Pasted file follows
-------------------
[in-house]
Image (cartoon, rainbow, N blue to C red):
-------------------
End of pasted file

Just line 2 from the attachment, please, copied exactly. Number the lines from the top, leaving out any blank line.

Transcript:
Image (cartoon, rainbow, N blue to C red):